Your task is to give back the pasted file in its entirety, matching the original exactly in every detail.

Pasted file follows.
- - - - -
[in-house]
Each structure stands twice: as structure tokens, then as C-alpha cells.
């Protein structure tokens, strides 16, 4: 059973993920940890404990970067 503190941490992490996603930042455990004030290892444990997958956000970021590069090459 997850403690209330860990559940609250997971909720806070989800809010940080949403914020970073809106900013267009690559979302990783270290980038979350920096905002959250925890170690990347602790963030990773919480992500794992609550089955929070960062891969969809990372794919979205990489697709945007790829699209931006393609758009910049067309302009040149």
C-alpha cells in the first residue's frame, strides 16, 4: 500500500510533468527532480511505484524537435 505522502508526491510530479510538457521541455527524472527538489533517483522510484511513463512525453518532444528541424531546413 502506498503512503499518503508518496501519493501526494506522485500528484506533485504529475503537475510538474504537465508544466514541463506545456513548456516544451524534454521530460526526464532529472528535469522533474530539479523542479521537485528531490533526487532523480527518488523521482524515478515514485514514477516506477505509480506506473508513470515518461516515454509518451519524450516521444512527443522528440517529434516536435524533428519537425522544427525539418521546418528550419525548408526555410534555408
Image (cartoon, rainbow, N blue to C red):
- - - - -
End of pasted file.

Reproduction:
[in-house]
Each structure stands twice: as structure tokens, then as C-alpha cells.
């Protein structure tokens, strides 16, 4: 059973993920940890404990970067 503190941490992490996603930042455990004030290892444990997958956000970021590069090459 997850403690209330860990559940609250997971909720806070989800809010940080949403914020970073809106900013267009690559979302990783270290980038979350920096905002959250925890170690990347602790963030990773919480992500794992609550089955929070960062891969969809990372794919979205990489697709945007790829699209931006393609758009910049067309302009040149």
C-alpha cells in the first residue's frame, strides 16, 4: 500500500510533468527532480511505484524537435 505522502508526491510530479510538457521541455527524472527538489533517483522510484511513463512525453518532444528541424531546413 502506498503512503499518503508518496501519493501526494506522485500528484506533485504529475503537475510538474504537465508544466514541463506545456513548456516544451524534454521530460526526464532529472528535469522533474530539479523542479521537485528531490533526487532523480527518488523521482524515478515514485514514477516506477505509480506506473508513470515518461516515454509518451519524450516521444512527443522528440517529434516536435524533428519537425522544427525539418521546418528550419525548408526555410534555408
Image (cartoon, rainbow, N blue to C red):